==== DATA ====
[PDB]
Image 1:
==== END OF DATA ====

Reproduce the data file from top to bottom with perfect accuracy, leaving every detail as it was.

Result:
[PDB]
Image 1: